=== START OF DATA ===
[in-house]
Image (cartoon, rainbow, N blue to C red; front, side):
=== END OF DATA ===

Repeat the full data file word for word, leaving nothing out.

[in-house]
Image (cartoon, rainbow, N blue to C red; front, side):